Ayrshire College encourages the promotion, training and recruitment of men into Health, Social Care and Early Years and inspires more men to consider a Career in Care.
We spoke to students who are training to work in Early Education.
Scott Thomson, from Irvine and Calum Black, from Kilwinning, are studying NC Higher (L6) Early Education and Childcare.
Scott said “For me, my interest in wanting to work in Early Education started in my last year at secondary school. I did a volunteering course in 6th year, where, for a couple of days a week I would go to Lawthorn Primary school during lunch break, helping out the teachers with the primary one classes. I got the opportunity to assist the teachers in lots of ways.
It wasn’t just something I felt comfortable doing, I also really enjoyed it. The teacher even said to me that I was a natural!
I worked for a couple of years when I left school. I’m 20 years old now, and I feel like it’s the perfect time to start the career I really want.
The course is great so far. We cover so much. At the moment, we’re learning the best ways for children to get the most positive learning experience. There’s a lot of theory, games development, and activities to take part in, that kind of thing.
It’s all about what we can put in place in order for the children to be constantly learning.
The course is a progression for me, so this is only the start. I’d like to go on to university, and my goal is to become a Primary School Teacher.
I would say give it a go. I felt a little bit daunted when I was in secondary school. I thought to myself, I’m going to be the only guy wanting to do this. Even starting the college course, I was worried because I thought I’d be the only guy. But, I needn’t have. Everyone in the course is great, everyone is treated the same.
It’s not a matter of because you are male, you shouldn’t work in early years, it’s about the opportunities available to all, and there are so many opportunities!”
Calum said: “Last September, I lost my wife and having 6 children, I suddenly found myself in the position of dealing with the family on my own. As I was more involved taking them to nursery and school, the nursery was really helpful, always considering our situation.
They made sure that my children’s well-being was a priority, and so I started to become more involved with the nursery and got to see how important it was for our family. I really enjoyed being involved, which helped me make the decision to look into early education as a career.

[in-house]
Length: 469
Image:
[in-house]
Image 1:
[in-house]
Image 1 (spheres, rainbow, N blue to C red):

Before moving to Kilwinning last year, I had worked for a windmill company in Campbelltown, building windmills. We moved so that our kids could have better access to a good education, being closer to colleges and universities, in order to give our children more opportunities. I’ve decided to stay in Kilwinning and the course is giving me a focus.
Education now is all about giving the child the best opportunities possible. It’s all about nurturing the child. From a personal point of view, I’ve seen it, the early interventions that helped me and my family for example.
I got a lot of support and I wouldn’t be in the strong position I’m in now if it wasn’t for this support. That’s when I really bought into wanting a career in early education, for me to give something back is important.
I’ve not been in education since 1994, so learning core skills has been a challenge. When I was in school we didn’t even have Microsoft Windows! But, the amount of support I’ve had at the College is tremendous. It’s like a totally different way of learning from what I’ve been used to. The lecturers are really involved with your learning journey.
I’d like to work in a nursery eventually, so it’s a case of doing all the necessary courses in order for me to get there.”